Every Thanksgiving I try a new turkey method – different turkey, different brine, different roasting method – and though I’ve had a lot of really good results, I’m never convinced enough to call a winner. Some are easy but meh, or great but too messy/involved.
Last year I tried two new approaches: 1) splitting the turkey in half (a cheater’s version of spatchcocking) and 2) dry brining. Much to my surprise, both methods made the whole turkey process much easier – and just as good – as any other year. Here’s the lowdown, if you want to try one, or both:
Dry brining: Just salt and time – that’s all there is to it. Sprinkle your bird the Sunday before Thanksgiving, and that’s pretty much all the prep you need. Dry brining, a salting technique used by the late Judy Rodgers of San Francisco’s Zuni Cafe to produce her legendary roast chickens, gives turkey excellent flavor without the mess and refrigeration issues of wet brining. I’m officially over trying to safely store a toddler-sized poultry carcass sloshing in seasoned water.
Splitting the turkey: A split bird cooks in half the time of a whole one, freeing up valuable oven space on the big day. And in the fridge, two halves of a turkey take up much less space than one hulking body.
Regular spatchcocking (also less-accurately called butterflying) – easily managed with sharp kitchen shears on a chicken – is a daunting task on a heavy, slippery, 20-plus pound turkey. But I tried an alternate method from the Kitchn that easily splits the front half of the bird from the back half, allowing the white meat to cook separately from the dark.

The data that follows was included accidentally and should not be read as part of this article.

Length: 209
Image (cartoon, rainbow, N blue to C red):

Normal spatchcocking of a bird is kind of like slitting open a round globe and flattening it into a map of the world. First you cut along either side of the backbone and remove it. Then you open up the body and force down on the breastbone to collapse it, pressing the breast down so that the whole bird splays out more or less flat.
In the Kitchn’s method, you completely slice the two sides of the bird, separating the breast/wing front half from the thigh/drumstick back half. The white meat now cooks separately from the dark meat, and you can remove one half from the oven if it is ready before the other half is done.
As with regular spatchcocking, you can fully season both sides of the meat instead of having the undersides inaccessible in the turkey cavity. And all the skin is on top, giving you more brown crispness to go around.
The split turkey can cook at hotter and faster than a whole turkey. It’s a revelation to realize you can cook a turkey in 45 minutes instead of several hours. Even the largest turkey, which might take 5-plus hours when roasted whole, is done in two hours when cooked in half. read on…